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It also includes non-Chrome browsers which have tracking protection enabled by default, such as Firefox or Brave, and anyone who had installed an ad blocker or has common hosts blocked at the DNS level (which is a checkbox on a growing amount of consumer network hardware).

Firefox doesn't block analytics by default. To test:

1. Open devtools networking

2. Visit any site with analytics

3. See requests to https://www.google-analytics.com/j/collect?... (for GA), https://plausible.io/api/event (for Plausible) etc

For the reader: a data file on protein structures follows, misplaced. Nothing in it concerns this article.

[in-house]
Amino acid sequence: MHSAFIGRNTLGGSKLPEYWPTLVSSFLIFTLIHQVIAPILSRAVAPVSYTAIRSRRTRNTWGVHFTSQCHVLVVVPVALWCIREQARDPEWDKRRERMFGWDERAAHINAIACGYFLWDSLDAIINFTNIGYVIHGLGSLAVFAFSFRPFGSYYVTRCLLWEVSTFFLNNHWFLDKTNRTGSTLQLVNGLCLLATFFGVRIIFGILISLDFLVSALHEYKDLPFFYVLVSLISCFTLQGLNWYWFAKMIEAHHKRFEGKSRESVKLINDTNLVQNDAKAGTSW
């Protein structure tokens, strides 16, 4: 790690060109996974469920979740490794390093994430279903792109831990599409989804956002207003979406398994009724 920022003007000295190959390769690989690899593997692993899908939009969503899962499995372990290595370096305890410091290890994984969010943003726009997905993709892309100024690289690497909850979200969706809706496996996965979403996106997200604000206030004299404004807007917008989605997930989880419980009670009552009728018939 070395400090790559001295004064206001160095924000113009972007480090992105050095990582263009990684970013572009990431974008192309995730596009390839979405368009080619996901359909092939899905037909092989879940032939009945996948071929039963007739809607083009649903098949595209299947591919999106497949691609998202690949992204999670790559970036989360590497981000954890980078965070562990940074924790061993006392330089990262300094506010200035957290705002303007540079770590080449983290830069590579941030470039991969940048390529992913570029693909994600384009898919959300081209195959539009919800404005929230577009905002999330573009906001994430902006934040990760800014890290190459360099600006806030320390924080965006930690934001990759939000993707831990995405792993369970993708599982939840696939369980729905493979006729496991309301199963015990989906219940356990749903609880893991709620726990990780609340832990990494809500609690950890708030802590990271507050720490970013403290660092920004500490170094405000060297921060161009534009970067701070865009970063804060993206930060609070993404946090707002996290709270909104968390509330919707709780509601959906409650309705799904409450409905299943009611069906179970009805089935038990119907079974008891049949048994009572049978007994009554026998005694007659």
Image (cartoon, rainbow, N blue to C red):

EDIT: expanded this into a post https://jefftk.com/p/firefox-does-not-block-analytics-by-def...

Ah, you’re right: it prominently suggests enabling ETP but doesn’t do so without user opt-in.

I develop on FF, and I have to set an IP address exclusion rule in GA so that my local development testing doesn't inflate GA numbers.

Google is a Mozilla donor and I don't think they'd like it if the browser blocked one of their major services. Ublock Origin will block GA and GTM (Google Tag Manager) however.

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